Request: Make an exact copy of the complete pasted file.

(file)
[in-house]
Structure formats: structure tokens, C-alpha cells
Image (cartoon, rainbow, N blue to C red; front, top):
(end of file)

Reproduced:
[in-house]
Structure formats: structure tokens, C-alpha cells
Image (cartoon, rainbow, N blue to C red; front, top):